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Kinnear makes the same mistake as he refuses to learn and evolve with football

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Joe Kinnear taking on Sunderland in Newcastle's English Premier League football match at St James Park 2009 AFP PHOTO/PAUL ELLIS/Getty Images
Joe Kinnear taking on Sunderland in Newcastle's English Premier League football match at St James Park 2009 AFP PHOTO/PAUL ELLIS/Getty Images

The ‘a bull in the china shop’ metaphor doesn’t even come close to describing  what Newcastle United’s newest director of football, Joe Kinnear did when he was interviewed by TalkSport Radio on Monday.

The bull, if we forget for a moment, how and why it is in said china shop, is likely to be scared and uneasy having found itself in such unnatural surroundings. As a result of this unlikely but heavily referenced metaphorical situation, is likely to lash out erratically, thus destroying the fragile and delicate material goods that surround him in, what we can only imagine, is a rather confined space for such a large animal.  When all things are considered, the bull cannot be blamed.

Imagine, though, that there are a few more elements that need to be taken into account in this story.  For instance, what if the china in the shop knew of the bull and made it public knowledge, even to the bull, that they didn’t want the bull coming into their shop, not even to make a purchase in a calm manner.

What if the bull knew this and still decided to go back to the shop, after smashing it to the ground on a previous occasion. And, despite being armed with this new knowledge, decided to walk straight back into the shop and tell the china that they didn’t know what was best for them and that any doubters, didn’t know what they were talking about. Then the bull proceeds to destroy the shop anyway, rather than making a purchase and leaving in a clam and peaceful manner.

It’s a long winded way of describing what Kinnear did in his interview but the lack of sense and tact shown by the former Wimbledon manager amounts to the same level of care shown by the reckless wild animal in the confines of the china shop.

“The fans have feelings and if they aren't happy with what is going on the manager gets the bullet.  Unfortunately for them I've never been sacked in my life,” lashed out the new arrival to the North East on Monday evening.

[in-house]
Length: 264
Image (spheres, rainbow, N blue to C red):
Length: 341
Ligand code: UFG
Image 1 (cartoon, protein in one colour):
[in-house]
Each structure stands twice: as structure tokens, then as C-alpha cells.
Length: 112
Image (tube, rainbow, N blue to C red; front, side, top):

“They keep saying to me – what did I do?  Where have these people been – have they been on another planet? I have played in 5 cup finals – I have won the lot.  I had over 400 games for Tottenham Hotspur – been manager of the year 3 times – I have travelled all over the world as a manager.

“Some of them are talking out their backsides, a load of tosh and I'm not accepting it. It's as simple as that. I've certainly got more intelligence than them, that's for sure.”

Cutting his critics down to size wasn’t enough, though, for Kinnear, as he mispronounced a number of Newcastle’s players’ names incorrectly,

Hatem Ben Arfa became Ben Afri, Derek Llambias turned into ‘Lambezzi’, Sammy Ameobi was switched to ‘Amamobi’, Papis Cisse’s future at the club will not have been helped after he was reffered to as ‘Sissy’, while Jonas Gutierrez was called ‘Goltirez and Yohan Cabaye was blurted out as ‘Yohan Kebab’.

Responses from the digital world were fast to criticise the new director for his first foray into the media in his new role. Even Ameobi voiced his frustration via twitter after hearing the interview saying: “Wow, at least get my name right.’

It will be very worrying for all those associated with the club that Joe is making the same mistake that lead to the departure of Charles N’Zogbia from in 2009. The French forward went on strike while under the leadership of Kinnear after the manager called him ‘Charles Insomnia’ during a television interview.  It appears nothing has been learnt in the last four-years.

Kinnear comes from the 1990’s school of football management and became lost in the game as money, television and the necessary tact needed to succeed in this new football frontier grew in importance.

The Crazy Gang days of the South London club may have been the calling card of the now 66-year-old's management career - a career that has never reached the same heights of the 1993-94 season as he lead The Dons to 6th place finish in England’s topflight – but Kinnear has never relinquished the spirit and all out confrontational and outspoken nature of those days working for Sam Hammam. Wimbledon embraced the idea because they could afford to and they had the hardened throwback characters in the dressing room who would respond to a brash, outspoken attitude.  The likes of Dean Holdsworth, Vinnie Jones and Warren Barton would respond, and almost need to, being treated in that way, but as time wore on, Joe never learnt to work with players more like N’Zogbia and less like John Fashanu. Maybe that is why Joe has voiced his intent to bring Andy Carroll back to his homeland, with the striker’s build and style being reminiscent of his former star striker of 20-years-ago Holdsworth

His vile outburst back in 2008 –that included using more than 30 curse words during a post-match press conference – highlighted his inability to change his nature, and although yesterday’s outburst was a little more civilized, it does nothing to erase the bitter memories of his last venture into management. Kinnear appears to be intent to bring his old school abrasive manner back to Tyneside once again with little disregard for who he upsets or insults in the process but, as Liverpool found with Kenny Dalglish a season ago, the past ways of football management have very little relevance in a sport that has left them behind.